After a big night that padded delegate leads for both Hillary Clinton and Donald Trump, the candidates for president in both parties woke up on Wednesday morning still not knowing who will win the final contest of the night: Missouri.
Both the Democratic and Republican primaries in the state are still deadlocked with 99 percent of the vote counted. Clinton leads Senator Bernie Sanders, after defeating him in all four other states on Tuesday night, by a mere 1,531 votes. And Trump is also slightly ahead of Senator Ted Cruz, who also failed to win a state during Tuesday's elections, by 1,726 votes.
In both contests the candidates are separated by less than one percentage point, giving them the right to call for a recount under Missouri law, though none of the campaigns had yet requested as of Wednesday morning.
Although Missouri carries the fewest delegates available of any state that voted on Tuesday night, a Missouri victory would be huge for Clinton if it holds up. It would mark the first multi-primary night in which she completely routed Sanders, preventing him from earning a momentum-boosting win in any state, particularly after his surprise victory in Michigan last week.
Trump, too, had a big night with three wins in the five states that voted. So far, his only loss of the night was in Ohio, to Governor John Kasich who began and ended the night with the fewest number of delegates on the Republican side. Trump, who is solidifying his position as the frontrunner by the minute, took in more than 150 delegates last night and so far has prevented Senator Ted Cruz, who is next behind him in the delegate race, from making much progress in catching up.
Trump's biggest win of the night came in Florida, where he bested Senator Marco Rubio by 20 points and ousted him from the race. Cruz, in particular, sought to capitalize on his fellow senator's loss, casting the election now as a "two-man race" and seeking to push out Kasich as well.
"Only two campaigns have a plausible path to the nomination. ... Nobody else has any mathematical possibility whatsoever," Cruz told his supporters Tuesday night. "Only one campaign has beaten Donald Trump over and over and over again."
But Clinton was by far the winner on Tuesday night. Whether she wins Missouri or not, Tuesday night's primaries put the former secretary of state back on a path of inevitability. After Sanders' surprising momentum in early states shook up her campaign and forced her further left on a number of policy issues, including immigration and her position on Wall Street, Clinton is now on a fast-track to the nomination.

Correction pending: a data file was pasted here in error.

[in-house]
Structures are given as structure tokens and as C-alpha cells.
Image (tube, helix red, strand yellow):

Even without Missouri, the former secretary of state ended Tuesday night with 1,094 delegates nearly half of the 1,237 needed to clinch the nomination. Sanders is just over 300 delegates behind her total with 774.
Still, even a close loss means that Sanders will pick up some additional delegates. Missouri allocates its delegates based not only on the statewide winner, but also according to the winner in each congressional district, so Sanders has some opportunities there (and actually leads in most of them, narrowly, now).
Should Sanders make up ground in the final ballots or win in a recount, Missouri has just 84 total delegates to give, and he certainly won't win them all with how close the race has been. Whatever happens in the Show Me State, Sanders will be even further behind in the delegate race than he was 24 hours ago.
The night was a major disappointment for Sanders' campaign, who thought that they could compete, if not win, in several of the midwestern states that voted. Just the day before the primaries, Sanders' campaign sent an email to supporters crowing about recent poll results in Illinois, Ohio and Missouri that showed the campaign either ahead (by one point in Missouri) or just behind the Clinton campaign, telling supporters: "It's just so. damn. close."
But aside from Missouri, Sanders lost both Illinois and Ohio to Clinton on Tuesday night. The latter wasn't even close with Clinton defeating Sanders by 14 points, 57-43 percent. And that win came on the heels of Clinton's double-digit victories in Florida, the big prize of the night, and North Carolina as well.
As results rolled in Tuesday night, the Sanders campaign switched tack, sending a note to reporters that looked ahead to an upcoming rally in Idaho. And while Clinton was giving her victory speech in Florida Tuesday night, Sanders spoke for an hour at a rally in Arizona, which votes next week. But Sanders did not mention any of the results of Tuesday's elections.
Sanders will need to win big in upcoming primary contests in order to stay in the race, which moves to states further West next week. Arizona, Idaho, and Utah will vote in the Democratic race on March 22, while a few days later, Alaska, Hawaii, and Washington state will hold their contests on March 26.
Republicans will compete solely in Arizona and Utah, where Cruz will look to capitalize on a smaller field to help him close the delegate gap.